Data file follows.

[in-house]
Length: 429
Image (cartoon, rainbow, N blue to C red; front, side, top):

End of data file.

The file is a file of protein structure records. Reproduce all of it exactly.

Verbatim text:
[in-house]
Length: 429
Image (cartoon, rainbow, N blue to C red; front, side, top):